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Free Study Guide-Native Son by Richard Wright-Free Online Book Notes
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BOOK 2 - "Flight"


Like Book I, Book II begins with Bigger waking up. He wakes up with a jolt. He realizes it is Sunday morning. He remembers what he did the night before and realizes he has to take Mary's trunk to the station. He sees Mary's purse laying out in the open. He sees blood on his knife blade and the pamphlets Jan had given him. First he thinks to throw them away, but then he decides to keep them to show the authorities if he is questioned. The pamphlets read "Race Prejudice on Trial," "The Negro Question in the United States," and "Black and white Unite and Fight." He sees a drawing of black and white hands locked in solidarity. He puts the purse and the knife in the garbage outside. He packs his suitcase. He pictures an image of Mary's head "lying on the wet newspapers, the curly black ringlets soaked with blood."

His mother awakens. He says he got in at two o'clock, but she corrects him and says it was later than that. They argue over it until Bigger realizes he should not impress the time on her mind so she will not remember it if questioned later. She questions him about the job. Finally, he says, "Oh Ma! For Chrissakes! You make me want to cry!" His mother continues with advice on keeping the good job he has. Vera wakes up and asks him about the job. Bigger is short with her and his mother scolds him. Vera screams, saying he is looking at her while she is dressing. Buddy wakes up and tells him he waited up until three o'clock for him and then fell asleep. Bigger says he got in earlier than that. Buddy begins to argue with him and then stops and says, "Okay." Buddy asks him easy questions about the kind of car he drives. Bigger feels better under Buddy's adoration of him. Bigger cannot stop thinking of the furnace, wondering if Mary burned. Buddy tells him that Bessie was there last night talking of marriage. Buddy suggests that now Bigger has a good job, he can get a better girlfriend than Bessie. Buddy says he heard of Bigger's fight with Gus.

Bigger sees the room as if for the first time. He asks himself why they have to live like this. He thinks of what he has done and forms "for the first time in his fear-ridden life a barrier of protection between him and the world he feared. He had murdered and created a new life for himself." He had acted all on his own. He thinks of his crime as "an anchor weighing him safely in time." He does not feel the need to tell himself that it was an accident. "He was black and had been alone in a room where a white girl had been killed; therefore, he had killed her." He decides that the thing to do was to act just like others acted and "while they were not looking, do what you wanted." He feels that his mother, sister, and brother are blind. Who would think he would do it? He thinks Jan and Mary, Mr. and Mrs. Dalton are all blind (note: Mrs. Dalton is physically blind; no relation to the statement.).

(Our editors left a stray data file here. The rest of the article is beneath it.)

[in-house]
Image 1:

His mother serves him breakfast. He asks her for money to avoid suspicion, even though he has the money from Mary's purse. His mother gives him fifty cents and tells him she only has fifty cents to last until Wednesday. He sees Buddy in the light of Jan. He decides that Buddy, too, is blind. Buddy wants a job like his. He is going "round and round in a groove and did not see things." Buddy wants to know why Bigger is looking at him in such a way. His mother comes into the room and he notices her shapelessness. She is tired and uses furniture as support as she walks around the room. He sees that Vera has the same look of tiredness that his mother has. He sees the sharp contrast between Vera and Mary. Vera "seemed to be shrinking from life in every gesture she made. The very manner in which she sat showed a fear so deep as to be an organic part of her." Vera wails at him to stop staring at her.

He leaves and Buddy follows him outside. He has dropped money. Buddy thinks Bigger is in trouble and wants to help. Bigger gives Buddy one of the bills. He grabs Buddy's arm and hurts Buddy, telling him not to tell anyone, then he walks away. He sees G.H. at the drug store and buys him a package of cigarettes. He feels very excited. Jack comes in and Bigger buys him cigarettes, too. He lets them see his roll of money. Gus arrives and Bigger buys him cigarettes. He gives each one a dollar and then buys them each a beer and leaves. He realizes it is the first time he has been in their presence without being fearful.

He takes the street car to the Daltons' house. He wonders if any of the "white faces all about him think he had killed a rich white girl." He decides they would never think that. They would only think of him as a petty thief, a rapist, a drunkard, or a fighter. He repeats his new motto "Act like other people thought you ought to act, yet do what you wanted."